The World Health Organisation has criticised blanket travel bans made in response to Omicron, claiming it "attacks global solidarity".
With the devastation of Delta still fresh in the minds of many, it's unsurprising countries rushed to enact travel bans after hearing of the highly contagious Omicron variant.
By November 28, just four days after South Africa first reported cases to WHO, some 56 countries had implemented travel measures specifically aimed to delay the import of Omicron. Some countries only restricted travel to and from southern Africa while others closed their borders entirely.
However, WHO has criticized the blanket bans, claiming they place a huge cost on developing countries for very little return.
"Blanket travel bans will not prevent the international spread, and they place a heavy burden on lives and livelihoods," said WHO's regional director for Africa Matshidiso Moeti.
"COVID-19 constantly exploits our divisions. We will only get the better of the virus if we work together for solutions."
Sure enough, Omnicron has already been detected in several countries including Australia, Japan, France and Belgium.
WHO said South Africa and Botswana should be praised for swiftly identifying and sharing information about the new variant.
"The speed and transparency of the South African and Botswana governments in informing the world of the new variant is to be commended," said Moeti.
"WHO stands with African countries which had the courage to boldly share life-saving public health information, helping protect the world against the spread of COVID-19."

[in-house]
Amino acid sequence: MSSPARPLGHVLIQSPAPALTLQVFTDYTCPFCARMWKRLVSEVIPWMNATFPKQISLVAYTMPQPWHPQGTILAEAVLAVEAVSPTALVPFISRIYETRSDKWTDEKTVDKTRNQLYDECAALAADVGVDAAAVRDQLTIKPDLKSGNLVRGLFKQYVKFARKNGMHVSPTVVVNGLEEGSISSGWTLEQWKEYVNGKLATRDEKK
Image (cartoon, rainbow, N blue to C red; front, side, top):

When it comes to dealing with international travellers, WHO said countries should take "an evidence-informed and risk-based approach" which included screening before and upon arrival, testing or quarantine following a thorough risk assessment.
Information about the variation is still limited and could take weeks to untangle. Evidence suggests it is more contagious than previous variations however whether it is more deadly is yet to be confirmed.
What experts do know is that Omicron won't be the last variation to sweep the globe if vaccination inequality between rich nations and developing countries continues.
According to former Prime Minister and current co-chair of the Independent Panel for Pandemic Preparedness and Response, Helen Clark, vaccines had been horded by wealthy countries.
"Sadly, the global response had been woeful, and our panel had said there had been delays and slip-ups at every step," Clark said.
"Where you have a very very low proportion of a population vaccinated, and the virus is circulating in the community, you have the chance of more deadly, more transmissible variants spreading."